A guide to tax free shopping in Malaysia

The tourist centres of Malaysia aim to cater for tastes of all kinds, with sports culture and relaxation being the top draws, but one area that is continually being expanded and improved upon is shopping – and especially duty free shopping.

Oddly, however, I need to start by explaining the difference between “duty free” and “free of duty”, as this can confuse you otherwise. It did me, at first, to be honest.

“Duty free” goods are those exempted from import duty only in designated shopping zones in Malaysia, whilst items which are designated as “free duty” products are goods that are free from import duty – and these are available nationwide, all year round.

Currently there are over 300 items in the country that are totally exempt from tax, so there are already plenty of opportunities to grab bargains, but, amazingly for a devoted shopper like myself, I can reveal that there are plans to expand this even further – so that all goods fall into this category and Malaysia can become “the duty free shopping destination”.

Let’s start with a list of the places where you can shop and not pay any duties and then we’ll take a look at some of my favourites.

Duty Free:

• Kuala Lumpur International Airport (KLIA)

• Bayan Lepas International Airport (Penang)

• Langkawi International

• Airport (Kedah)

• Kota Kinabalu International Airport (Sabah)

• Kuching International Airport (Sarawak)

Duty Free Ports:

• Port Klang (Selangor)

• Tanjung Belungkur (Johor)

• Pengkalan Kubur (Kelantan)

Free Duty Goods shops are clearly signed throughout:

• Kuala Lumpur

• Georgetown (Penang)
• Melaka

• Kuching (Sarawak)

• Johor Bahru (Johor)

Border Towns with Free Duty shops:

• Padang Besar (Perlis)

• Bukit Kayu Hitam (Kedah)
• Pengkalan Hulu (Perak)

• Rantau Panjang (Kelantan)
• Kuala Baram (Sarawak)

Domestic Designated Duty Free Islands:

• Langkawi

• Labuan

• Tioman

I tend to favour Langkawi for my duty free shopping and recommend that you head to Kuah town in the central district of the island. I’ll never forget my first sight of row upon row of stores selling electronic gadgets, household goods, branded products, cosmetics and fragrances, chocolates, cigarettes and liquor, all at prices which made me think that I’d miscalculated the exchange rate!

All jewellery at tax free prices. Pic: Tourism Malaysia.

I would also recommend that you take a stroll along to the Langkawi Mall, the Fair Shopping Complex and the Jetty Point Duty Free Complex, as these tend to compete very hard with each other on price.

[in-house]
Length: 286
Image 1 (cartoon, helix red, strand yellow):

If you’re looking for more “touristy” items, like crafts, delicacies and clothes, in addition to the usual duty free merchandise, head down to the tourist beaches of Cenang and Tengah.

For items like pewter, crystals and glassware, I recommend the duty free mall next to the Langkawi Underwater World or the smaller outlets at the Oriental Village. I love my Burberry raincoats and Mont Blanc pens for example, and always buy these in the outlet inside the KLIA airport.

Cities such as Kuala Lumpur pride themselves upon their retail experiences and designer outlets such as those in the extraordinary region of Bukit Bintang have taken 10 of the 28 malls available, while the Suria KLCC at the Petronas Towers boasts an extraordinary and unbelievable range of top names from Jimmy Choo and Prada to Gucci and Versace. Yes, these are expensive, but they are still at a lower cost here than anywhere else I have seen.

Fashion Walk Shopping Centre. Pic: Tourism Malaysia.

Malaysia has always been welcoming of foreign custom and this is clear in the convenience and opportunities that are offered when shopping in any of the countries great retail-friendly shops and malls.

The worlds’ largest choice of silks? Pic: Tourism Malaysia.

The local currency is the Ringgit (RM) and is still fondly referred to as the Malaysian Dollar by some – and currently the exchange rate against the US Dollar and British Pound means that you get a lot of RM for your money.

In addition to this, the country also accepts a number of Western credit cards and is full of ATMs to give you easy access to your money.

If all of Malaysia becomes tax free it will allow increase retail-based tourism significantly in the region. This is certainly the aim of the Malaysian government and the main reason why this concept of a blanket tax exemption is given such high regard.

The thought behind expanding this duty-free tag to cover all goods is that not only will it increase tourist spending by offering more chances for appealing deals, it will also boost the economy and GNI by an impressive RM9 billion.

Beautiful designer clothing at duty free prices. Pic: Tourism Malaysia.

The premier shopping destination of the future?

In short, tax-free shopping across the country will not only make the goods more accessible at more appealing prices, it will also enhance the image of the country for prospective visitors because this combination of bargains, top names and the unique experiences of the Malaysian complexes is something that cannot be experienced anywhere else.

If all these proposals go ahead and the rest of Malaysia follows the examples of the designer stores in Kuala Lumpur and the duty free centres of Langkawi then this Asian nation really could become a world-class shopping destination and I for one will be even more delighted!

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